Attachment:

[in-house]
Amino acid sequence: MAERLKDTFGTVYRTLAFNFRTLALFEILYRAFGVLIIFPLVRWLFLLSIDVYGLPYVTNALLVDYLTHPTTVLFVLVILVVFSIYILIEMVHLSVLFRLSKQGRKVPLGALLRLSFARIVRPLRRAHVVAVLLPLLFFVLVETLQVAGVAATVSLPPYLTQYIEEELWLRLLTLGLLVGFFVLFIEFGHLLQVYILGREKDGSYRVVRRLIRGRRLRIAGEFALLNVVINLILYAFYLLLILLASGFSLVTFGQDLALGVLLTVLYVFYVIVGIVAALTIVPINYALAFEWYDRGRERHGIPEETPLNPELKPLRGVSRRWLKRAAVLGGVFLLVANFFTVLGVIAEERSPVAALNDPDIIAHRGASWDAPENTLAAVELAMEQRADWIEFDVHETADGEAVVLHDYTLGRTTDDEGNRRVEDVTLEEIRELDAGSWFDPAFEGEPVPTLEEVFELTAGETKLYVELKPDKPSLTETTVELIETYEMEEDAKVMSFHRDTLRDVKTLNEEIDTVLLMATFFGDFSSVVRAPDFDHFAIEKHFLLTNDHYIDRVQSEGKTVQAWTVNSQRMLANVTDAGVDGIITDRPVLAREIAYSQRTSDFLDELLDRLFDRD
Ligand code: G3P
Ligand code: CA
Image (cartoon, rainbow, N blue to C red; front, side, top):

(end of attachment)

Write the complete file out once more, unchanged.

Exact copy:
[in-house]
Amino acid sequence: MAERLKDTFGTVYRTLAFNFRTLALFEILYRAFGVLIIFPLVRWLFLLSIDVYGLPYVTNALLVDYLTHPTTVLFVLVILVVFSIYILIEMVHLSVLFRLSKQGRKVPLGALLRLSFARIVRPLRRAHVVAVLLPLLFFVLVETLQVAGVAATVSLPPYLTQYIEEELWLRLLTLGLLVGFFVLFIEFGHLLQVYILGREKDGSYRVVRRLIRGRRLRIAGEFALLNVVINLILYAFYLLLILLASGFSLVTFGQDLALGVLLTVLYVFYVIVGIVAALTIVPINYALAFEWYDRGRERHGIPEETPLNPELKPLRGVSRRWLKRAAVLGGVFLLVANFFTVLGVIAEERSPVAALNDPDIIAHRGASWDAPENTLAAVELAMEQRADWIEFDVHETADGEAVVLHDYTLGRTTDDEGNRRVEDVTLEEIRELDAGSWFDPAFEGEPVPTLEEVFELTAGETKLYVELKPDKPSLTETTVELIETYEMEEDAKVMSFHRDTLRDVKTLNEEIDTVLLMATFFGDFSSVVRAPDFDHFAIEKHFLLTNDHYIDRVQSEGKTVQAWTVNSQRMLANVTDAGVDGIITDRPVLAREIAYSQRTSDFLDELLDRLFDRD
Ligand code: G3P
Ligand code: CA
Image (cartoon, rainbow, N blue to C red; front, side, top):